Outstanding Drama Series
Vikings (History) – Speaking of under-appreciated series, we conclude here with what is one of the best shows currently on TV that few people are putting in awards consideration. What “Vikings” does from an acting, writing, and set design perspective is remarkable. It throws you into this world, makes you care about its characters (even the awful ones), and also incorporates enough universal themes to have these stories and relationships be applicable to present day. It’s an epic like no other.
You can vote for it here.
Zap2It – With so much of pop culture obsessing over why we aren’t seeing strong, fierce females, perhaps they should turn their attention to Katheryn Winnick — and no, we aren’t referring to the character she plays on “Vikings.”
The Canadian beauty, best known for playing the imposing Viking figure Lagertha, posted a video clip to her Instagram on Tuesday (June 3). “Checked this off my bucket list,” she writes alongside the intense (some might say: insane) sight of a Great White being lured towards her as it throttles a cage with the actress inside.
In the clip, you can hear a male voice scream the F-word very loudly — and we’d have to say, we’re with him. Leaping clear out of the water, the shark seems to be the length of the cage itself. But notice that you never hear a female voice shrieking — because much like her character, Winnick is not easily intimidated.
“Shark diving with the Great White Sharks,” writes the 38-year-old actress and animal lover, using the hashtags #justdoit and #shark-conservation from what she identifies as the waters off Cape Town, South Africa.
Although relatively short in stature, Winnick is an imposing figure. She began training in martial arts at the age of seven, obtained her first black belt at 13, and by 21 she had founded 3 different martial arts schools. So, that Great White might not realize who he’s messing with.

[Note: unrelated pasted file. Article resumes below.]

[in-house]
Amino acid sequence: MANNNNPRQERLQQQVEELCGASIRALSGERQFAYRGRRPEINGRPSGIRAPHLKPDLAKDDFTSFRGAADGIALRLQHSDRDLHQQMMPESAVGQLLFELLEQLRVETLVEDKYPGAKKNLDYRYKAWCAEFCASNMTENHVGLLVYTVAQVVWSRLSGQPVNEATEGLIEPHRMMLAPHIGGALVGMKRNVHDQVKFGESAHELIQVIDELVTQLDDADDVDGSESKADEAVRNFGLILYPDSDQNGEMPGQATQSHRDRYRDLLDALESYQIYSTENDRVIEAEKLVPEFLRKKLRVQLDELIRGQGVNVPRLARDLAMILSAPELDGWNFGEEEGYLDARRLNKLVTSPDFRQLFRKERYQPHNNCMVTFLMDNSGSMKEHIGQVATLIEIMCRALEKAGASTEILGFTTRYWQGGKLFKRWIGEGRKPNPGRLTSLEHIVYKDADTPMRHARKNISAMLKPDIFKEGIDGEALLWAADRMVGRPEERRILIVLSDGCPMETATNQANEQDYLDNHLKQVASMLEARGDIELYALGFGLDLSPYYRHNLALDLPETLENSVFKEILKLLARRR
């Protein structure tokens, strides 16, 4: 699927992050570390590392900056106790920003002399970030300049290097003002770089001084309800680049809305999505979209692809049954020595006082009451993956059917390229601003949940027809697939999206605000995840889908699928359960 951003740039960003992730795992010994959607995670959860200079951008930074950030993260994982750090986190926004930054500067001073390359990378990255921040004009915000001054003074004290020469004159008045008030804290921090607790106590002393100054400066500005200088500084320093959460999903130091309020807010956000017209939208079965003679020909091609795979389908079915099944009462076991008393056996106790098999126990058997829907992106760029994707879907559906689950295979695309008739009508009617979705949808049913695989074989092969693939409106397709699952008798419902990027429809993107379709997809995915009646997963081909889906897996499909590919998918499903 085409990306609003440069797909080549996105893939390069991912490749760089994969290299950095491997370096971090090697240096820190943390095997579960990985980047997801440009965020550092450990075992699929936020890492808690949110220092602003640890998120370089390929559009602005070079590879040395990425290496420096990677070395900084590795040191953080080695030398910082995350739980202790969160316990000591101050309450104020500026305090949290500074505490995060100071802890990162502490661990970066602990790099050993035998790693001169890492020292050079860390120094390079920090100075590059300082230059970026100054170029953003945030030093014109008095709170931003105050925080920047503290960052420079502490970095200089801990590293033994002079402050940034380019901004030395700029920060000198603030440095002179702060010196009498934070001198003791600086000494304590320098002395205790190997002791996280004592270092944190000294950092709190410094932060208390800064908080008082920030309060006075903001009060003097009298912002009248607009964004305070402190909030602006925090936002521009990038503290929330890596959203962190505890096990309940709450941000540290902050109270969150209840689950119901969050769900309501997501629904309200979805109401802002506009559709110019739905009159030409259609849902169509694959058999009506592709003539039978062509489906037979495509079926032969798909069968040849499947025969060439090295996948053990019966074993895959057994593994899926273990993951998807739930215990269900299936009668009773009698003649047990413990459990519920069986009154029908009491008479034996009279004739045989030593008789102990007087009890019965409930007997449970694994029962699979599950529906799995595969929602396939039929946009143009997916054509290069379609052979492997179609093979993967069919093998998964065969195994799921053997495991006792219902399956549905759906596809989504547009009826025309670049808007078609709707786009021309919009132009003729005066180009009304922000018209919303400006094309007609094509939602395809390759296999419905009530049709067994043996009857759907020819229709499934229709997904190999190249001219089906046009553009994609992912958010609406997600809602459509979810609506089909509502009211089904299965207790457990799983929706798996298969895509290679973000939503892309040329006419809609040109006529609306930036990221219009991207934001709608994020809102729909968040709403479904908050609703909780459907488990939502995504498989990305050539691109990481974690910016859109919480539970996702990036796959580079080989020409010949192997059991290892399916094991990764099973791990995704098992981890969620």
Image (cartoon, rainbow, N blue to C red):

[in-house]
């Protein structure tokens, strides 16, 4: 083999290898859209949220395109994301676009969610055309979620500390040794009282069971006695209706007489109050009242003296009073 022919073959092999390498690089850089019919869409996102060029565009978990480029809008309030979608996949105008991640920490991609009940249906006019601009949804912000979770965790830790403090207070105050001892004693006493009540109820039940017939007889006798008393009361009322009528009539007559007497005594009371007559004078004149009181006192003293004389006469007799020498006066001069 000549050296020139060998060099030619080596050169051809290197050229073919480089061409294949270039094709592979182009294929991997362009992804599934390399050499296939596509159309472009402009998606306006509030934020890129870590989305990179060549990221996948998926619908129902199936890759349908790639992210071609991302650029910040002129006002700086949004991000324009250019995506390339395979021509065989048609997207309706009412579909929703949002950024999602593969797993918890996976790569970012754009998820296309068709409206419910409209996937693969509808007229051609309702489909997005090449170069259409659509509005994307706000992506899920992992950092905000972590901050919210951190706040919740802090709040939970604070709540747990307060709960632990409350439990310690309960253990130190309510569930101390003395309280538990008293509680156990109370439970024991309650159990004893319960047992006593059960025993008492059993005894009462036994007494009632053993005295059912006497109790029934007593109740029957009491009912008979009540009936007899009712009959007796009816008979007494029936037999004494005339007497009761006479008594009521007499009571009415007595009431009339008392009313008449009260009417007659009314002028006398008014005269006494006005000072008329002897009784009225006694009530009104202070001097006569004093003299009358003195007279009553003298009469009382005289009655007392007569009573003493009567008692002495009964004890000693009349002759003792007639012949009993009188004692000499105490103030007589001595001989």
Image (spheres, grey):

— Vikings on HISTORY (@HistoryVikings) June 7, 2016
IB TIMES – Showrunner Michael Hirst’s storyline isn’t the only aspect of “Vikings” that features incredible twists and turns. So does the intricate hairstyles of the characters from the History Channel series — looks that were created by stylist Dee Corcoran. And in honor of National Hairstyle Day, which is celebrated Saturday, Corcoran is revealing the inspiration behind the iconic TV tresses in addition to what major transformations viewers can expect when “Vikings” returns in the fall.
According to Corcoran, who has worked behind-the-scenes on shows like “Camelot” and “The Tudors,” there aren’t many references from the Vikings period regarding Norse style. So when it came time to re-creating Nordic hairstyles, she had to coil together her own, creative ideas.
“I loved the braiding for the women so that’s how that started — the Lagertha [Katheryn Winnick] look. It had lots of texture,” she told International Business Times of the “beautiful” hairstyle that fans attempt to recreate regularly. “And for the men, for their long hair, we added extensions, which looked quite Vikingish on them!”
But with every season renewal comes a fresh start for Corcoran, which, quite literally, requires her to go back to the drawing board.